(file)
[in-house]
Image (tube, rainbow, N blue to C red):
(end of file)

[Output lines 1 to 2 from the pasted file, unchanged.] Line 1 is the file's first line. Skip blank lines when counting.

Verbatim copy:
[in-house]
Image (tube, rainbow, N blue to C red):